Tips for dealing with grief

Grief is a natural process.

It can’t be cured. It can, however, be felt, witnessed, experienced, and ultimately tolerated. As psychotherapists often say when coaching clients who are dealing with big feelings, there is no way out but through. Riding the waves of the feelings is key. Let yourself cry; let yourself feel whatever you feel. Let yourself be exactly as you are. This kind of radical acceptance is the bedrock of healing. Tolerating feelings (especially the hard ones) is essential.

Grief is experienced in the body.

Grief is stressful and can temporarily dysregulate the autonomic nervous system (hence, changes in sleep, appetite, and concentration). Breathwork can do wonders to calm the activation of the panic/grief/sadness system. I know this from personal experience: I learned how to calm my own panic attacks through simple yet powerful breathing tools.

Grief is an opportunity

Going through grief can be an opportunity to learn new wellness habits, such as the regular practice of yoga to help your body release emotions. Taking the opportunity to practice mindfulness, seek counseling, and cultivate physical exercise during the process of grieving can help us hone our ability to create more resilience and resourcefulness. If you have challenges finding such a practice, consider using a biofeedback device, which can help you reset your nervous system and decrease the adverse effects of stress.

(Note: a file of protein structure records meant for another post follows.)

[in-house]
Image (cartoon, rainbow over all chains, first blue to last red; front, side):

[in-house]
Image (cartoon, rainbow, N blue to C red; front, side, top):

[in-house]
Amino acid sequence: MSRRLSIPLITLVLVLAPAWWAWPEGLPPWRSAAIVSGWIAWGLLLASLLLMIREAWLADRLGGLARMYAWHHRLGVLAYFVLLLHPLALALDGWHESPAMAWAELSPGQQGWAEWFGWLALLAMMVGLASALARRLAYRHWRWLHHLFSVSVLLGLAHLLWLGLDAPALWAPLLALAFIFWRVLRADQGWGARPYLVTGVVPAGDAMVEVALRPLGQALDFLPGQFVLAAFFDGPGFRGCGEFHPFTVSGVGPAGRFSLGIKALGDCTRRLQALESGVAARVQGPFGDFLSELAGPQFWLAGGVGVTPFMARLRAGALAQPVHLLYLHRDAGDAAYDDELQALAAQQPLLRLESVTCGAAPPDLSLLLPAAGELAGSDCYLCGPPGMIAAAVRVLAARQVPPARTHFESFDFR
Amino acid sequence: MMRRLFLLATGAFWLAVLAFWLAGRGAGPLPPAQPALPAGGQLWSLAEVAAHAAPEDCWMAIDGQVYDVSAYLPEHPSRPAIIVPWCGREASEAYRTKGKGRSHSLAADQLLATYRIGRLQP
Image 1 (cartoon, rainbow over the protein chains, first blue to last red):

Last but not least, remember that the willingness to grieve is good for you. It is something that unites us all.


Wise, N. (2020). Why good sex matters: Understanding the neuroscience of pleasure for a smarter, happier, and more purpose-filled life. Houghton Mifflin.

Davis, K. L., & Montag, C. (2019). Selected principles of Pankseppian affective neuroscience. Frontiers in neuroscience, 12, 1025.

Panksepp, J., & Biven, L. (2012). The Archeology of Mind. Neuroevolutionary Origins of Humans Emotions, WW. W.